Western states-what kind of coal in CO or WY?

Western states-what kind of coal in CO or WY?

PostBy: Cherokee Park On: Fri Jul 18, 2008 4:02 pm

I have a source for lump (3-9") coal relatively close to us in Greeley, Colorado. I believe it comes from Wyoming and would like to know which type of coal this is and what insert type stoves will burn it best and still do a decent job with wood. I've looked at the Harman, a poor choice I'm now hearing, Hitzer 983 and the Baker insert. I'd like some opinions and experiences of and with these stoves and any others that would be of good value. I've ordered a Margin cook stove and would like to install an insert as well in the log cabin in the foothills of northern Colorado.
Cherokee Park
 

Re: Western states-what kind of coal in CO or WY?

PostBy: LsFarm On: Fri Jul 18, 2008 7:40 pm

Hello, and welcome.. Co and Wy coal is bituminous. It burns different than anthracite.. I'd lean towards the Hitzer stoves,, give Hitzer a call direct, they are very helpfull people .

Greg L.
LsFarm
 
Stoker Coal Boiler: Axeman Anderson 260
Hand Fed Coal Boiler: Self-built 'Big Bertha' SS Boiler
Baseburners & Antiques: Keystone 11, Art Garland

Re: Western states-what kind of coal in CO or WY?

PostBy: Cherokee Park On: Sat Jul 19, 2008 9:52 pm

I assumed it was bituminous from my experiences this past winter. We bought this property last May which consists of 35 acres, a seasonal stream, some board and batten sided out buildings and the cabin which was built by hand some 20 plus years ago out of standing dead timber from accross the border in Wyoming. The cabin came with a 1891 cook stove that burned both wood and this lump coal. This device is authentic and in good shape but is not at all air tight and holds a fire for 4-5 hours if someone is there to watch it. The improvement in efficiency of modern stoves is amazing after living with this one for a while. The family Thanksgiving dinner was easily done with this old stove and will be easier this year with the new Margin.
The Hitzer 983 is actually less expensive than the others I know of and I think your well rounded experience is sufficient to offer good advice. Thanks for your response!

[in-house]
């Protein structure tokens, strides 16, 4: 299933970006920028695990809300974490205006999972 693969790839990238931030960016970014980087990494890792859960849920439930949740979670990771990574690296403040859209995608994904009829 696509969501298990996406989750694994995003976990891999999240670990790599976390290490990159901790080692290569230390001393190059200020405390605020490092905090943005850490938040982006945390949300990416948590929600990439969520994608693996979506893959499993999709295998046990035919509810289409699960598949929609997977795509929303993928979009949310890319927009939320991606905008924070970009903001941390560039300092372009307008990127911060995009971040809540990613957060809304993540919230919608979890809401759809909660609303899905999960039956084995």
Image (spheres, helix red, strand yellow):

I am going to get one ton of "hard coal" from a guy close by in Wyoming which is from a mine in Utah. Does Utah have "hard coal"? If so how should I use the two types?
Cherokee Park
 


Re: Western states-what kind of coal in CO or WY?

PostBy: charlie On: Tue Jul 22, 2008 7:13 pm

I used to have an old Monarch cook stove that I burned wood and lump coal in. I used the lump at night. I got a ton of lump one year, and by the time I was half way through it, it had crumbled into stoker sized pieces. This was bituminous from Montana. Coal qualities vary greatly not only from mine to mine, but even from pit to pit in the same mine. You can always ask the guy what mine in Utah the coal is coming from, and call those folks to get more specifics about their retail coal. I have no experience with anthracite.
charlie
 
Stove/Furnace Make: Prill and Tulikivi
Stove/Furnace Model: 200 BF and TTU 2700

Re: Western states-what kind of coal in CO or WY?

PostBy: coal berner On: Tue Jul 22, 2008 8:00 pm

Cherokee Park wrote:I assumed it was bituminous from my experiences this past winter. We bought this property last May which consists of 35 acres, a seasonal stream, some board and batten sided out buildings and the cabin which was built by hand some 20 plus years ago out of standing dead timber from accross the border in Wyoming. The cabin came with a 1891 cook stove that burned both wood and this lump coal. This device is authentic and in good shape but is not at all air tight and holds a fire for 4-5 hours if someone is there to watch it. The improvement in efficiency of modern stoves is amazing after living with this one for a while. The family Thanksgiving dinner was easily done with this old stove and will be easier this year with the new Margin.
The Hitzer 983 is actually less expensive than the others I know of and I think your well rounded experience is sufficient to offer good advice. Thanks for your response!
I am going to get one ton of "hard coal" from a guy close by in Wyoming which is from a mine in Utah. Does Utah have "hard coal"? If so how should I use the two types?

The coal from Utah is Bit soft coal the only Place you will Find Anthracite coal Hard coal is here in NEPA Nowhere else
in the US. Tuff Choice Between The Stove Both Are Very well built stoves Both have been in business for a very long time
I know the Baker is a very heavy 570lbs not sure what the weight is on The Hitzer I guess it would come down to Price
and Availability good luck on getting one

http://www.bakerstoves.com/stoves5.htm

http://www.hitzer.com/model983.html
coal berner
 
Stoker Coal Boiler: 1986 Electric Furnace Man 520 DF
Stove/Furnace Make: Electric Furnace Man
Stove/Furnace Model: DF520